The film lends democratic space to the “speaking subject" and the “citizen viewer" to engage in a civilized debate on issues that are perceived to be contentious. It invites introspection into and the cleansing of prejudices from the inner recesses of a bigoted mind with the use of Kabir's words and thoughts. It demonstrates how the created barriers of regions, borders, languages, religions, nationalities and nations melt away in Kabir's universal message of love and compassion. A viewer who stays to see the film till its end is unlikely to be left feeling hateful or vengeful towards any religion or community. The viewer might be impelled to contemplate on the futility of bigotry and violence. Viewed in this light, and in light of the settled constitutional law of the freedom of speech and expression, none of the excisions as directed by the CBFC, three of which have been upheld by the FCAT, are legally sustainable.

The Court therefore advocated an approach where a film should not be unncecessarily ordered to be excised, and that mere portrayal of a social vice is not impermissible; and that a film must be viewed as a whole and its words and visuals must be viewed in the context of the whole film. The overall message of the film is the only relevant consideration.

2. Similar principles have been laid down in several other judgments of the Bombay High Court in cases such as - F.A. Picture International v. CBFC, Krishna Mishra v. Union of India, etc. 

3. The Supreme Court in one of the earliest cases on pre-censorship of movies/documentaries by the CBFC - KA Abbas v. Union of India - has also observed that “censorship of films including prior restraint is justified under our Constitution” and proceeded to explain: 

The task of the censor is extremely delicate and his duties cannot be the subject of an exhaustive set of commands established by prior ratiocination. But direction is necessary to him so that he does not sweep within the terms of the vast areas of thought, speech and expression of artistic quality and social purpose and interest. Our standards must be so framed that we are not reduced to a level where the protection of the least capable and the most depraved amongst us determines what the morally healthy cannot view or read. The standards that we set for our censors must make a substantial allowance in favour of freedom thus leaving a vast area for creative art to interpret life and society with some of its foibles along with what is good. We must not look upon such human relationships as banned into and forever from human thought and must give scope for talent to put them before society. The requirements of art and literature include within themselves a comprehensive view of social life and not only in its ideal form and the line is to be drawn where the average man or moral man begins to feel embarrassed or disgusted at a naked portrayal of life without the redeeming touch of art or genius or social value. If the depraved begins to see in these things more than what an average person would, in much the same way, as it is wrongly said, a Frenchman sees a woman's legs in everything, it cannot be helped. In our scheme of things ideas having redeeming social or artistic value must also have importance and protection for their growth.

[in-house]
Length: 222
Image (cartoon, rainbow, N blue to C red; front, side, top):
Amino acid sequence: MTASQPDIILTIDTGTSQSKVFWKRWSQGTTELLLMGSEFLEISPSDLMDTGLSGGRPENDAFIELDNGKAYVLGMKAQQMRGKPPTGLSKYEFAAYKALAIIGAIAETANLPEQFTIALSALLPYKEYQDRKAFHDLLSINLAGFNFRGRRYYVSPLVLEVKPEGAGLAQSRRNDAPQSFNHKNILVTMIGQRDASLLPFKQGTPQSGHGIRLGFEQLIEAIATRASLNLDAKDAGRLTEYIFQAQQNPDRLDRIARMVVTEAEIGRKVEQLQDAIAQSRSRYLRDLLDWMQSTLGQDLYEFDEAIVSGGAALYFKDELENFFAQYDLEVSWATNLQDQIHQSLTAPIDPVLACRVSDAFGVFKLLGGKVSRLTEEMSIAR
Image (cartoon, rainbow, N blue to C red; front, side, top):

Despite declaration of such stringent standards by Indian Courts, the CBFC continues to be driven by narrow political and moralistic tendencies. It is in situations such as these that a citizen might wonder about the chasm that has grown between the government and the governed and the growing distance between the constitutional values such as freedom of speech that we hold so close to our heart. A filmmaker who has the means to approach courts may eventually win the legal battle against the vile forces that seek to curb our liberties, but who will undo the damage such curbing has caused to our social fabric?